This was the World Cup of Zico and arguably the greatest Brazilian team of them all. It was also the World Cup of a French team, led by Platini and Trésor, who, like Algeria, suffered an injustice against the Germans so profound it left the most beloved in France, even more than the champions of ‘98 and 2018.
I know I should be happy that Harry Kane didn’t have to fight for freedom (as many of the Salvadoran squad did) before coming to the World Cup. It’s not Neymar's fault his story is more polished than Gianna Infantino's head. I just hope that, against all odds, this World Cup captures some of the magic of forty years ago.
Rugby’s existential crisis reached another tipping point on Saturday night as Australian half back Nic White disappeared down the tunnel after taking two heavy knocks in quick succession, only to reappear again, much to the bemusement and genuine alarm of most paying attention.
I say most, because paying more attention than anyone else was surely the entire Australian backroom team, for whom Whites duty of care should have been a priority. In order to return to the field of play, as White did, he would’ve had to pass a HIA (head injury assessment) administered by an impartial physician appointed by international rugby. Assuming he did so, his reappearance was still genuinely disconcerting.
The incident prompted debate in the Virgin Media Sports studio where Joe Molloy tried to moderate contrasting viewpoints amongst his guests. Aghast at White's reappearance were Rob Kearney and Andrew Trimble. Even more aghast at them being aghast was Mattie Williams who took the very unpopular view that if everyone was doing their job correctly, then White was exactly where he should have been - on the field of play. You could never accuse Williams of being populist. His views drew harsh criticism across social media, but, did he have a point?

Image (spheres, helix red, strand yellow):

"Do you think he's not concussed?" Kearney asked the Australian.
"I'm not a doctor” was Williams’ succinct reply, going on to say he wasn't in a position to prosecute the case from afar, unqualified and insufficiently informed to do so.
Both points of view can be correct. It may be that there was nothing wrong with White (let’s hope), and what we slowed down and rewatched frame by frame was misleading. If so, his return to the field was nothing improper. If the opposite is true, though. If White was even suspected of being concussed, then rugby is learning nothing, and playing Russian Roulette with players lives. That’s a position from which it can never recover.
It’s strange and sad to think we will never see Michael Murphy play football for Donegal again. His retirement was something never contemplated by those of us who considered him ageless, thus making it harder to comprehend. The eulogies have justifiably poured in.
He was more than a player. A totem, rather. A man mountain with the footballing touch of a God. It was always fitting he was from Donegal, a county that defies cliche and stereotype. I, for one, thought he would be around forever.
Why anyone was surprised or disappointed at Ronaldo doing an interview with Piers Morgan, in which he took aim at his employers and former teammates, is beyond me. Quite the opposite, this type of behavior should be actively encouraged.
The 360-feedback model is one that has been used by many big Corps and militaries down through the decades, usually to hilarious effect. Sometimes it’s performed in a controlled environment, with confidential questionnaires, other times at the bar during a Christmas party. It has honestly been the most human and relatable Ronaldo has ever been. More please!!